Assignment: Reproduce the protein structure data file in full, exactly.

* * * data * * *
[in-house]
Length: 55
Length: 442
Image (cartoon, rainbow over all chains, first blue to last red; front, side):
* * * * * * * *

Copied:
[in-house]
Length: 55
Length: 442
Image (cartoon, rainbow over all chains, first blue to last red; front, side):